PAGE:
Finpecia online pharmacy Writing does more than express ideas and encourage thought, it can improve your quality of life. Brain and body health work hand-in-hand, and one cannot thrive without the other. In the grip of depression, people often feel exhausted or sick. When joyous or happy, the body mirrors those emotions with a healthy glow. What are some ways you can encourage your well-being by adding some writing to your day?
buy generic amoxil Few are lucky to go through life without experiencing stress or trauma. In 2005, a study was conducted on those with a history of traumatic experiences and ways to cope. The results showed significant improvement in patients who journaled about their feelings. Patients who regularly used the journal to express their feelings spent fewer days in hospitals, displayed stronger immune systems, and even better liver functions. Expressing their inner turmoil through journaling acted like a syringe, drawing out the darker, venomous thoughts that can so easily lead to physical and mental sickness.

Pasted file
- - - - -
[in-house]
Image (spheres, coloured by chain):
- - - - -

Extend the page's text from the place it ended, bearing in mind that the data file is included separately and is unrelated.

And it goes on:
Health benefits don’t stop with trauma sufferers. Those suffering from asthma and rheumatoid arthritis can also reap the benefits of the written word. Asthma patients who wrote about their most stressful experiences displayed improved lung function. Indicating an increase of lung performance up to 10% after just four months, addressing deep issues through writing allowed these asthma sufferers to breathe a little easier. Similarly, when rheumatoid arthritis patients were tasked with writing, those with an emotional investment in their work displayed a marked drop in their symptoms.
Diseases from breast cancer to depression can all be fought with writing. While by no means a panacea or replacement for traditional medicine, writing helps address what medicine cannot. The strength of expression dives deeper than flesh, reaching where we often need healing the most. Shedding light on our darkest recesses can remind us that we’re never without hope, and all that’s needed to fight back is a pen and paper. For more on the healing power of print, follow the link here.